Comprehensive data on how officers are feloniously killed is compiled by the FBI's Criminal Justice Information Services (CJIS) Division and published each fall in a report titled "Law Enforcement Officers Killed and Assaulted" (LEOKA). The report's details on feloniously killed officers includes how the officer was killed and the location of the fatal wound as reported by the officer's agency.

So the data is readily available on how officers are attacked. Unfortunately, though, it's very hard to establish any trends from this data because the numbers are all over the place.

One thing is clear, however, from the LEOKA reports: Each year the majority of officers feloniously killed in this country are shot. Another thing that can be established from the data is that a significant number of murdered officers are killed by shots to the head. About a third of all officers fatally shot each year are felled by head shots. But there is no discernible upswing in this percentage.

It becomes even more difficult to establish a trend when looking at reports on officers shot and wounded. The LEOKA reports include officers shot or stabbed on duty without lethal outcomes, but reporting is not as comprehensive as it is for officers feloniously killed. Also, the data does not include details on whether attacks were aimed at the officers' heads.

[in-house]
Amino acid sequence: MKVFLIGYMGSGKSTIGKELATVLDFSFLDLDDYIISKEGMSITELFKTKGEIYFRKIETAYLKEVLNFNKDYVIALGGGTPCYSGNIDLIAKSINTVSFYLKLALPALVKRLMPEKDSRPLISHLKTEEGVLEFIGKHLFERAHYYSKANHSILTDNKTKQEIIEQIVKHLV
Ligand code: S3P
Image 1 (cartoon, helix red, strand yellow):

Perhaps the best evidence that some bad guys are targeting the heads of officers in attacks comes from interviews with felons convicted of the attacks. One of the goals of the LEOKA team at FBI CJIS is to enhance officer safety through gathering information on attacks and sharing it in free training sessions. (For more information, contact [email protected].)

Phillip Wright is a LEOKA trainer and a retired West Virginia State Police trooper, and he has interviewed felons about their attacks on officers. He says only once in his prison interviews has a cop killer or attempted cop killer said he aimed above the officer's body armor. "The kid knew based on past experience that the officer wore soft body armor, so he tried to shoot the officer in the neck. Fortunately, the officer positioned himself in such a way alongside the car during that traffic stop that the round hit him in the soft body armor. That probably saved his life," Wright says.